Dr Magdalena Frennhoff Larsen, Assistant Head of School at the School of Social Sciences, wrote an article for The Conversation about the possibility of ratifying a Brexit deal before the deadline.


Talking about the situation in the UK, she wrote: “On the UK side, MPs have been asked to remain on standby as they will be recalled to parliament if there is a deal to be approved. There will clearly be little time for scrutiny and the legislation would have to be fast-tracked. But given that most MPs prefer a trade deal to a no-deal scenario, the deal is likely to get approval before the end of the transition.”

She later added: “Ratification of a trade deal in the EU normally takes several months, or even years. First, any deal needs to undergo a so-called “legal scrubbing” process, where EU lawyers review the agreed text to ensure it is compatible with the EU Treaties. While this process generally takes a few months, it can be sped up if needed. For example, the legal scrubbing of the EU-Japan agreement was done in just a few weeks. The reason for this unprecedented speed was the commitment to conclude the agreement before the UK left the EU. The UK had been one of the strongest supporters of the EU-Japan agreement, and there was uncertainty about Brexit’s effect on EU trade agreements.”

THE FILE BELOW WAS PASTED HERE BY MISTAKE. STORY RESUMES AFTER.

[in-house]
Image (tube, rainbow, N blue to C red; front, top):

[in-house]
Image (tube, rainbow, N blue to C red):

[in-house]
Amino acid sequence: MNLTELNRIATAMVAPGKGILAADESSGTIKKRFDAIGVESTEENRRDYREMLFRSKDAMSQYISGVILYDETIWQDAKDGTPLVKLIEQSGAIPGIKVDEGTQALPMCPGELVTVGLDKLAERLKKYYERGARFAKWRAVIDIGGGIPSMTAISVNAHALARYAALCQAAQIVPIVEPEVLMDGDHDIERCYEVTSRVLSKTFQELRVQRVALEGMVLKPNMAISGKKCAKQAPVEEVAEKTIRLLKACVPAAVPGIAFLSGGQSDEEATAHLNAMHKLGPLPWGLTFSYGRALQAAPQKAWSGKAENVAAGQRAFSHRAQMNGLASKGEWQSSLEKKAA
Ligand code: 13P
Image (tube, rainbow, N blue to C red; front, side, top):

Read the full article on The Conversation’s website

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